Maintenance of somatic tissue regeneration with age in short- and long-lived species of sea urchins.

Bodnar AG, Coffman JA - Aging Cell (2016)

Immunohistochemistry and immunocytochemistry of sea urchin tissues and cells using an antibody to Vasa. Esophagus, radial nerve, coelomocytes, tube foot, and spine from Lytechinus variegatus stained with DAPI or reacted with anti‐Vasa antibody visualized with DyLight™ 488 secondary antibody. Negative control panels are tissue sections treated with only the secondary antibody. Scale bar is 100 μm.
© Copyright Policy - creativeCommonsBy
Related In: Results  -  Collection

License
Show All Figures
getmorefigures.php?uid=PMC4933669&req=5

acel12487-fig-0006: Immunohistochemistry and immunocytochemistry of sea urchin tissues and cells using an antibody to Vasa. Esophagus, radial nerve, coelomocytes, tube foot, and spine from Lytechinus variegatus stained with DAPI or reacted with anti‐Vasa antibody visualized with DyLight™ 488 secondary antibody. Negative control panels are tissue sections treated with only the secondary antibody. Scale bar is 100 μm.
Mentions: Immunohistochemistry was used to localize the Vasa protein in different tissues. For these experiments, four samples of each tissue (muscle, esophagus, and radial nerve) for each species were analyzed (Table 1). Representative data for L. variegatus are shown in Fig. 6 and those for S. purpuratus and M. franciscanus are shown in Fig. S4. Esophagus tissue from all three species consistently showed areas of Vasa staining at the base or within the villi (Figs. 6 and S4). Radial nerve also showed areas of Vasa staining; however the specific vasa‐positive cell types could not be identified (Figs. 6 and S4). Muscle had only a low level of diffuse staining without localized areas of high signal (data shown only for M. franciscanus, Fig. S4). To quantify the level of Vasa staining in esophagus and radial nerve, the percent of Vasa‐positive cells was estimated from the number of nuclei surrounded by Vasa staining when images from both fluorescent channels were overlaid. This ranged from 0.9% to 4.3% for radial nerve, with lower levels of immunoreactivity in M. franciscanus tissue compared to the other two species. Vasa‐positive cells ranged from 2.5% to 5.1% for esophagus with no significant difference between species.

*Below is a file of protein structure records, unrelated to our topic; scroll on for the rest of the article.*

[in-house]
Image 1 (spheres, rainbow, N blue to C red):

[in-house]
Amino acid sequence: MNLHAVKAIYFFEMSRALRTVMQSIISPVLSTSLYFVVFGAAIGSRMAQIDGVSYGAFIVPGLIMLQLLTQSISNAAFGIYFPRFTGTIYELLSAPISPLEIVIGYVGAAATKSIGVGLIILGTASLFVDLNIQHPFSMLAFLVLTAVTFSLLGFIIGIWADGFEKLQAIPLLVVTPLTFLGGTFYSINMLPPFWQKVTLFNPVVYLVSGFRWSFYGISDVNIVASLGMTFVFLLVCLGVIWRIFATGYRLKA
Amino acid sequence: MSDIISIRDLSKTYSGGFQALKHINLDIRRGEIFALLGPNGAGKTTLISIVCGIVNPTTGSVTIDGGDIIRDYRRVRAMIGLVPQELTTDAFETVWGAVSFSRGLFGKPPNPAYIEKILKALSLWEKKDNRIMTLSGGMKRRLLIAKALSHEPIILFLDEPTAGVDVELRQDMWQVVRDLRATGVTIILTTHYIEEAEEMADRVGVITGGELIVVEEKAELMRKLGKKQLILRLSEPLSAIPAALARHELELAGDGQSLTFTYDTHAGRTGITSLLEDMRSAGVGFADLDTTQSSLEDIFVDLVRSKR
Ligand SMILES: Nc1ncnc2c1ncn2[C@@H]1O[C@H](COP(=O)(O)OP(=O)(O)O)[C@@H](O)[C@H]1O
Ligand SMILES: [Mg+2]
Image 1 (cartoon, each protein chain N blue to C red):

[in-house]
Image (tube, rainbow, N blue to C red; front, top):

Bottom Line: Sea urchins grow indeterminately, regenerate damaged appendages and reproduce throughout their lifespan and yet different species are reported to have very different life expectancies (ranging from 4 to more than 100 years).The ability to regenerate damaged tissue was maintained with age as assessed by the regrowth of amputated spines and tube feet (motor and sensory appendages).The results indicate that regenerative potential was maintained with age regardless of lifespan, contrary to the expectation that shorter lived species would invest less in maintenance and repair.

View Article: PubMed Central - PubMed

Affiliation: Bermuda Institute of Ocean Sciences, 17 Biological Station, St. George's, GE01, Bermuda.

No MeSH data available.


Related in: MedlinePlus